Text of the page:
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Virtual UMass Cancer Walk and Run to take place Sept. 13

By Kylee Denesha

UMass Medical School Communications

September 03, 2020

On Sunday, Sept. 13, the quad on the UMass Medical School campus will be unusually quiet. Instead of thousands gathering in person to walk or run in support of cancer research, care and clinical trials at UMMS, supporters will be participating virtually in the 22nd annual UMass Cancer Walk and Run.

Programming kicks off at 10 a.m. and will include remarks from cancer researchers and clinicians, medical school and local leaders; check-ins with fundraising teams and cancer patients; and recognition of the event’s numerous sponsors. The event will also feature special guest and Central Massachusetts native Ricky Duran, who was a finalist in season 17 of “The Voice.” The event’s theme will focus on gratitude and the importance of donor support.

Your place, your pace
In keeping with the event’s tagline, supporters are encouraged to do their walks or runs at locations and distances of their choosing, and to share their experiences through photos and video via social media on or before event day. To increase engagement and participation within the community, event organizers are also inviting supporters to participate in Walk Week Challenges during the week of Sept. 6.

“This is our first-ever virtual event and we’re so grateful this option was available,” said Rich Carr, chair of the UMass Cancer Walk and Run steering committee. “We’re glad we’re still able to bring our supporters together. Feedback from team leaders, fundraisers and sponsors about the different format has been very positive. This pandemic postponed or stopped many things, but it didn’t stop cancer and it certainly didn’t stop supporters of the UMass Cancer Walk and Run.”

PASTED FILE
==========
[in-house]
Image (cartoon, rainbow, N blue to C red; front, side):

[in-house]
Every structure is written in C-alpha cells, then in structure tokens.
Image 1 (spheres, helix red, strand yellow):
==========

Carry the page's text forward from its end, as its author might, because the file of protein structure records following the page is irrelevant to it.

According to Nanette Duquette, director of community fundraising at UMMS and the event’s lead organizer, fundraising to date has been robust.

“The community has really rallied behind us this year,” she said. “Sponsorships are up, thanks to the fantastic support of organizations of all sizes. And money raised by individuals and teams has, so far, aligned with what was raised by this point in previous years.”

As with any fundraiser, the final weeks leading to the event are crucial—and very active—for fundraising efforts.

“We’ve been seeing a lot of donation activity online and through our fundraising teams lately, which is very encouraging,” said Duquette. “To anyone who asks me how they can help, I tell them to make a gift now because every dollar matters, and only with your help will a cure be found.”

Carr and Duquette, who each have a very personal history with cancer, will co-host the online event. Anyone wishing to support the UMass Cancer Walk and Run is encouraged to do so online. Links to donate and/or start a fundraising team can be found at the event’s website: www.umasscancerwalk.org. Information about how to view the online event and participate in Walk Week Challenges will be posted there as well.

The UMass Cancer Walk and Run raises money to support adult and pediatric cancer research and care, and clinical trials of new potentially lifesaving therapies being conducted at UMass Medical School. Since 1999, the event has raised more than $14 million.